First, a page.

02 October 2014
Earth to earth, ashes to ashes, dust to dust.
In our end is our beginning; in our time, infinity;
in our doubt there is believing; in our life, eternity.
In our death, a resurrection; at the last a victory,
unrevealed until its season, something God alone can see.
After presiding at a grave side service a few weeks ago, the family of the 95 year old woman who had died did something I had not seen before.
They stayed by her grave until the casket had been lowered into the grave and the lid of the vault had been placed into position. It was not an easy task, taking the cemetery workers about 20 minutes and requiring special machinery to maneuver the 250+ pound metal casket into the vault and the 1,000+ pound vault cover into place.
Over the 13 years I’ve presided at graveside services I can’t remember another time when the family of the deceased person stayed to watch the casket lowered into the grave. In my experience, after the short graveside service, the family will linger a bit longer to shed more tears and share a few more stories before making their way back to their cars. It always struck me as odd to drive away from the cemetery with the casket still positioned above ground over the grave with artificial turf placed around it to mask the fact that it would be placed into a hole dug into the earth. I remember feeling guilty, like I had abandoned the deceased without ensuring that they actually made it to their final resting place.
The very first graveside I ever did was in Suffolk, England. After the funeral at the church, I rode in the funeral coach (aka the hearse) to a tiny village where there was a cemetery alongside a little Anglican church that was probably hundreds of years old. The simple wooden coffin was carried on pallbearers’ shoulders to the grave, a dark rectangular hole in the ground that smelled of damp, fresh earth. There was no artificial turf to mask the grave or hide the soil excavated. There was no concrete vault into which the coffin would be placed, no 1,000+ pound vault cover that needed to be positioned with special equipment. The pallbearers simply lowered the plain, wooden coffin into the grave using ordinary woven straps.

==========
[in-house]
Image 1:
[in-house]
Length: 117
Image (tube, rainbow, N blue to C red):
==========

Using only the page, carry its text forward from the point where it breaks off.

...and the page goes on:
And then, when I came to the line in the graveside service, “earth to earth, ashes to ashes, dust to dust,” without being told to, those around me each scooped up a handful of earth and solemnly cast it into the grave onto the coffin. And that was it. She was in her final resting place and eventually her body would be turned back into the dust from whence it had arisen.
When I die—which I expect to be many years from now, but who knows?—I hope my loved ones stay with my body until it is lowered into the ground or slipped into the crematory fire.
If I am cremated, I don’t want my “cremains” (yes, that’s a real word) to sit in an urn on a mantel. Scatter my ashes in a wildly beautiful place, a serenely tranquil setting, or a place where I was bursting with the goodness and vitality of life.
If I am buried, I don’t want to be sealed away from soil and water and worms in a vault or metal container. Place me in a wooden coffin in the same outfit I was wearing the day I entered the world and return me to the elements that gave rise to my flesh and bone in the first place.
Please, no artificial turf or shallow platitudes. Cast earth into that deep, dusky grave as a sign of hope that we can indeed consign our loved ones to the earth (or fire) knowing that the story is not over, not even close, and that the love of God flowing through us in indestructible.
Peace be with you,
P.S. Burial or cremation? At one point in my life I thought I knew. Now I’m reconsidering.
Posted by Jeremy Hajdu-Paulen